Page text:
How do you develop empathy for the user?
This question made me feel like everyone has been reading the same article that no one had the answer to. Or maybe it’s just a cliché question (to me at least). My answer usually consisted of two things: leave your ego at the door–you can’t empathize with a user when you think you already know the “right way” and second I think of my wife who is the worlds most novice web user.
How do I stand out to hiring managers?
Great question here. This came mostly from the students or recent grads, but also from folks who were looking to make a major shift in their career path. I spoke a lot about soft skills. Can you show up on time? Can you communicate well? Do you work well with others? Are you a team player? Skills can be taught, but working with a jerk is no fun for anyone (that’s me quoting myself which unlocks some boss level somewhere). I encouraged folks to speak about those soft skills as much as they do their hard skills (is that a term?)
Above and Beyond
There were a handful of folks that I talked to who were developers and were having issues getting past the code challenges that most companies use as an intial barrier to weed out candidates; exactly the stuff that fat was talking about. While I can code, no one has given me repo access in quite a while and I didn’t feel like I was able to provide much in regards to the questions I was being asked. So I reached out to my friend and co-worker Chris Winn who is in charge of hiring new devs at Creative Market and asked if he would be willing to share his thoughts on what he looks for in candidates. Chris was gracious enough to open his calendar and with a quick email intro I passed 3 people over to Chris for some Out of Office Hours. Big thanks to Chris for jumping in to help!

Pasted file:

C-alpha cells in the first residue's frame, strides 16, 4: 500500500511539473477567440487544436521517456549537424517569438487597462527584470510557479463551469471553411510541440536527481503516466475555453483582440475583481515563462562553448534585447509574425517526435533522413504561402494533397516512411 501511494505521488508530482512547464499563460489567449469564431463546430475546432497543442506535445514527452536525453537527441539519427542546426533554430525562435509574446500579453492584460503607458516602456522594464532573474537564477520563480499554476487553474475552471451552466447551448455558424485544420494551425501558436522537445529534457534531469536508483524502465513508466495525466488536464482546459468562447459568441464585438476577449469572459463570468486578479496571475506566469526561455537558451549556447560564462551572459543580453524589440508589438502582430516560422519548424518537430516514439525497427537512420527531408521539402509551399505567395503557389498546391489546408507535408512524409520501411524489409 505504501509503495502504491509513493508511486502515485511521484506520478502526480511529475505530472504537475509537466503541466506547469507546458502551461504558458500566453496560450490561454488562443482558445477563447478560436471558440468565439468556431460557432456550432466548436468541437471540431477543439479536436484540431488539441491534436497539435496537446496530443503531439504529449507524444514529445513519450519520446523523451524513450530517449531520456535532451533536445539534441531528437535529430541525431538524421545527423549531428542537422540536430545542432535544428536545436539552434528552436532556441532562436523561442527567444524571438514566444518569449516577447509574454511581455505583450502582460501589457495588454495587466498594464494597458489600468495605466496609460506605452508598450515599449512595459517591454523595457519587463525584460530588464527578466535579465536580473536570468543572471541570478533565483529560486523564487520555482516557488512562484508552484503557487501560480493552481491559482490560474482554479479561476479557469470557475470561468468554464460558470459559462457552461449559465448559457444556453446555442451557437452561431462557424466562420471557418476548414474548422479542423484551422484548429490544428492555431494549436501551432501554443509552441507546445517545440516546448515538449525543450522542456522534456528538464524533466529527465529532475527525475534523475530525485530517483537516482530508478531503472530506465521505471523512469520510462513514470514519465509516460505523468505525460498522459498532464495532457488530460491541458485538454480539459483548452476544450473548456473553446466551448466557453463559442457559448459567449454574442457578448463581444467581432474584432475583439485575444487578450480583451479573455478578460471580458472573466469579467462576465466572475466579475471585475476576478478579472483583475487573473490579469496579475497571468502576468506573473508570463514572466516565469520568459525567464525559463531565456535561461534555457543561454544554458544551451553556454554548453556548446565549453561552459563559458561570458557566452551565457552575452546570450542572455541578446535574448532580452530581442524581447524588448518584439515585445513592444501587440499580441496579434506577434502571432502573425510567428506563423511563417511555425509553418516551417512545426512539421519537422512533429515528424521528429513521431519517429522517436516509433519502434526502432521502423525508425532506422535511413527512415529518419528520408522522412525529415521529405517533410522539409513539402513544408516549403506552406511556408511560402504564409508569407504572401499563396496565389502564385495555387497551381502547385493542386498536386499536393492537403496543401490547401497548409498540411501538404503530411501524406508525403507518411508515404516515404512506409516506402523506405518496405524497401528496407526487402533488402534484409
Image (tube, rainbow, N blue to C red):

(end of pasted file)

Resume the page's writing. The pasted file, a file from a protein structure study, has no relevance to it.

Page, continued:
Mentorship is something that everyone wants, but no one wants to actually do. It’s hard work, and it’s a lot of time. For example: I gave up multiple hours this last week (a week of vacation for me and my family) to talk to everyone. I’m not saying that to toot my own horn, but to point out that in order to mentor or serve others, it requires sacrifices. It is rewarding? Yes, of course. It’s rewarding on a deeper level of connecting with others and hearing stories of their journeys and the paths that have lead them to where they are today. I’ve told everyone I spoke with that my door (that’s like codeword for email or DM) is open anytime and I hope to keep in touch with everyone.
First and foremost thank you to Dustin for taking action on an idea. Secondly, and equally as important, thank you to everyone who signed up to talk with me. The initiative you showed to make an appointment with a total stranger in order to grow in your profession is admirable and in my mind puts you well on your way to success.
I plan to open up more Office Hours in the future and I would encourage you that if you’ve got something that you can share with others (you may think you don’t, but trust me you do) that you sign up at Out of Office Hours yourself.